WITH HER strangely modern, saucily jutting jaw line and Southern-belle sweetness masking a crackling intellect, Becky Sharp is portrayed perfectly by Reese Witherspoon as the pretty, opportunistic and contradictory heroine of William Makepeace Thackeray's "Vanity Fair." In an engaging, propulsive performance as the strong-willed, social-climbing English governess who aspires to enter high society by any means, Witherspoon moves director Mira Nair's version of Thackeray's social satire forward at a good clip, making Becky's rising and falling fortunes an intensely watchable spectator sport.
Unfortunately, Nair's film doesn't so much end as fall off a cliff, the ultimate victim of viewers' heightened expectations that this briskly paced story will take them someplace -- other than around the block in a horse-drawn carriage.
Set in the early years of the 19th century, when the rungs of English society were even more sharply defined by class (on the upper echelons of which Thackeray cast his jaundiced gaze), "Vanity Fair" is not the kind of story with a conventional hero, and Becky's behavior, which might charitably be called expedient, is far from something to root for. Still Witherspoon can't help making her heroine far more likable than Thackeray's ever was. Which means that, when all is said and done, we want more for her than she ever deserves, or gets.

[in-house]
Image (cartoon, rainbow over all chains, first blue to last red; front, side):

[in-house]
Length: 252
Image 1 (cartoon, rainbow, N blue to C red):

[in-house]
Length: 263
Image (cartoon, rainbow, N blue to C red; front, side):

Trading on her beauty, cleverness and what one character calls her "talent for life," Becky rises from near poverty to comfortable -- if borrowed -- wealth over the course of the film, thanks to such benefactors as a smarmy nobleman named, appropriately enough, Steyne (pronounced "stain"). Played by Gabriel Byrne with a jaded half-smirk, Steyne is, on the one hand, a kind of villain, seeing as he ultimately demands something unseemly from Becky for all his social introductions and unsolicited financial assistance. And it is Steyne, after all, who arranges for the military posting that puts Becky's handsome if rakish husband, Rawdon (James Purefoy), in harm's way after Rawdon walks in on Steyne attempting to collect his due.
Yet Steyne is also a stand-in of sorts for Thackeray. An observer of hypocrisies who is both of and above the world he criticizes, he mocks the upper crust even as he partakes of its nourishment.
If Steyne is the bad guy, however, Becky isn't quite the good girl we -- or Nair and Witherspoon -- might like her to be. For one thing, she's an indifferent mother, and her palpable pain when her son is taken away from her late in the film is tempered by our memory of how little she seemed to care for him when, for example, he was taking his first steps.
Thanks to Witherspoon, we may find ourselves wanting Becky (a true survivor) to make it, at the same time that we feel disapproval for the ways in which she does, and the toll those ways take on our esteem for her.
Where "Vanity Fair" succeeds is in its indelible depiction of the lively central character, who makes us both care for her and disapprove of her flawed moral outlook. Yet this is also the movie's failing. Shouldn't a character this appealing and this smart be able to learn the error of her ways over the course of her journey?
That she doesn't isn't really Thackeray's fault so much as Witherspoon's. She is, in a way, too good. After all, the author doesn't care all that much for Becky, except as a literary device with which to make his sharp points about the haves, the have-nots and the wanna-haves. The actress, however, has gone to such lengths to breathe life, spirit and soul into Becky that it only seems reasonable for the audience to hope for a redemption for the character that never comes.
VANITY FAIR (PG-13, 140 minutes) -- Contains brief partial nudity, a mild boudoir scene, scuffling and images of war dead. Area theaters.